My Mouthwatering Journey in Search of Europe’s Finest Chocolate

My Mouthwatering Journey in Search of Europe’s Finest Chocolate


Drink of the gods, taste of passion- how much can anyone argue against the ability of chocolate to create happiness?

Chocolate derives from cocoa trees that originated in South America, first discovered by Mayan and Aztec civilizations. The cocoa tree had a very important place in Aztec cosmology and conception of the universe, as it symbolized human blood and was considered a sacred food of the gods. According to Aztec beliefs it was Quetzalcoatl, a god in the form of a feathered snake, who brought the cocoa tree to earth.

Brought to Europe by the Spanish conquistador Hernández Cortez, chocolate became a royal drink and through time, its grasp took over the world. What began as a spicy cocoa drink was then transformed by the Swiss and the Belgians to the sweet bars we know and love today.

King Montezuma offering cocoa nibbles to Aztec gods
King Montezuma offering cocoa nibbles to Aztec gods

So, like anyone who loves to travel and is fascinated by chocolate, I decided to take a trip to the most famous chocolatier cities in Europe in search of the best cocoa I could find.

In order to properly indulge in my chocolate voyage, I visited Zurich, Switzerland; Perugia, Italy and finally, Brussels and Ghent, Belgium. These locations would truly help me find out which type of chocolate is the best so I could bring home the advice to my readers! Now, I cannot say I have tried everything (it would be death by sugar rush if I did), but I taste-tested the most renowned types and brands.


There are a lot of ways to make chocolate candies, so I tried some of the most famous ones:

1. Commercial Bars

Caier chocolate, Switzerland
Caier chocolate, Switzerland

The chocolate bar is an invention that I know I am thankful for. Historically, chocolate was only consumed as a drink until English creator J.S. Fry succeeded in creating the first chocolate bar. Shortly after, Switzerland’s Lindt and Sprungli began to make the bars we see today. Modern chocolate is made through a magical mixture of cocoa nibbles or powder mixed with sugar, caramel and milk.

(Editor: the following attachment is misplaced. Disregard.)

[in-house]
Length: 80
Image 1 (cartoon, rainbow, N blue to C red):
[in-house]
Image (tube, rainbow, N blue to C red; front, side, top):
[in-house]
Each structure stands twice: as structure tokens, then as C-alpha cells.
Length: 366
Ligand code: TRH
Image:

Commercial bars are the typical chocolate bars that one can buy from any supermarket. They are mass-produced and are generally the most popular type of chocolate candies. This also makes them a bit less unique.

Out of these popular chocolate bars, I tried:

Zurich: Frey, Lindt, Coop

Perugia: The famous “Baci”, Venchi

Belgium: Côte d’Or, Godiva and Dolfin

Which is the best?

The famous Swiss Lindt and the delicious Belgian Dolfin are clear winners for me, not only because the sweetness is perfect, but also because of the flavor originality and unparalleled variations.

On a personal level, however, I admire Dolfin more than the rest. Why? The creativity of the assortment of flavors is unbelievable, and they have flavors that you cannot even imagine, such as green tea, Masala seeds, and my absolute favorite, a chocolate bar with Belgian Speculoos biscuit!

2. Non-Commercial Bars

Laderach, the best non-commercial chocolate bar
Laderach, the best non-commercial chocolate bar

We spoke previously about commercial chocolate bars, but chocolatiers and chocolate houses also make bars that you can buy by the gram (be careful, they are expensive!). Out of the ones I tried, only Chocostore Perguina bars from Italy and Laderach bars from Switzerland were worth mentioning. Which of these is the best?

Laderach bars are a clear winner! The best chocolate bar you can ever dream of tasting is the Laderach white chocolate bar with berries. Even if you are not a fan of white chocolate, you will fall in love with this one!

Don’t forget to try the almond milk-chocolate bar, created with fresh almonds that are brought in daily. If you are a white chocolate fan, also try the white chocolate with fruit! I wanted to add a couple of pictures for these two bars, but while writing these words I just could not control myself and ate them all!

3. Pralines


Oh these small pieces of heaven!